Be aware that most of us are being scammed and gaslighted daily. Today I received two marketing emails alleging they were from companies with which I have accounts. Each turned out not to be an actual company but some related entity that wanted to sell me an unnecessary service. The bottom line is that scams and gaslighting are more common today than ever, so be super aware and don’t fall asleep at the switch as I did on the recent almost fateful day.
Tips to Ponder:
- Krebs on Security has looked at phishing attempts such as the false PayPal-like scam email I received. A snare is set by scammers using invoices sent via PayPal.com that trick recipients into calling a phone number to dispute a pending charge. If the recipient calls the provided toll-free phone number to challenge the charge, the scammers then manipulate them to download software that lets them seize control of their computer. People are vulnerable to the scam, as the email and invoice are both delivered via PayPal’s infrastructure, making them appear as official emails from the company. The invoices appear to have been sent from a compromised or defrauded PayPal Business account that allows sending invoices that appear as real things.⁵
- Large organizations like PayPal need more accessible emergency call numbers for consumers who inadvertently get caught up in scams praying on their customers. I sent them a copy of the fraudulent invoice to their website, asking for copies of any received scam emails. There is a number on their site, but there was no answer when I called it, and it was even difficult to find an easy way of emailing them.
- Be mindful and aware of the scams out there and follow recommended precautions. I usually follow all of them, but in haste, I made a call from the number on the fraudulent email, which ended up being a harrowing experience for me.
- Scammers commonly use email and text messages to trick you into giving them your personal and financial information. The scams and complex phishing schemes are getting much more sophisticated, especially with all our modern technology. So, try to learn more, as there are ways to protect yourself. See “How to Recognize and Avoid Phishing Scams” from the Government Federal Trade Center.⁶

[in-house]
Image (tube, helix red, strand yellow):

- Keep a list of known and proven numbers to reach when needing help, as your bank and companies with which you do business, so if you need to contact them, you will go to the right place. And for heaven’s sake, don’t trust numbers on websites, texts, emails, or links, no matter how official they look.
- Be mindful and aware as best you can of unscrupulous people and business concerns that may put you at risk. Keep a balance between focusing on essential things of immediate need but not to the extent that your view gets overly restricted so that you miss potential harm coming your way.
I originally published the article on Mind Wise with tips, references, and resources.
Featured image caption: Being duped by a crafty scammer – by R. Parks with Canva pictures
¹ The sequence of the events may not be entirely accurate as I did not take notes at the time as things were moving along rapidly, and I was anxious but remembered as best I could.
² How scammers like Anna Delvey and the Tinder Swindler exploit a core feature of human nature, Published: February 21, 2022, Vanessa Bohns, Associate Professor of Organizational Behavior, Cornell University, https://theconversation.com/how-scammers-like-anna-delvey-and-the-tinder-swindler-exploit-a-core-feature-of-human-nature-177289
³ The Conversation article: The Year of the Scam https://theconversationus.cmail20.com/t/r-e-tjdddta-bhjutgyhk-r/
⁴ New York Times book review “In Praise of Failure,” by Costica Bradatan, examines a handful of thinkers who rejected worldly success in favor of struggle. https://www.nytimes.com/2022/12/28/books/review/in-praise-of-failure-costica-bradatan.html
⁵ Article by Krebson Security: https://krebsonsecurity.com/2022/08/paypal-phishing-scam-uses-invoices-sent-via-paypal/
⁶ “How to Recognize and Avoid Phishing Scams” from the Government Federal Trade Center; https://consumer.ftc.gov/articles/how-recognize-and-avoid-phishing-scams
anxiety, Integrative Psychiatry, Phishing, Psychological Manipulation, Scams, trauma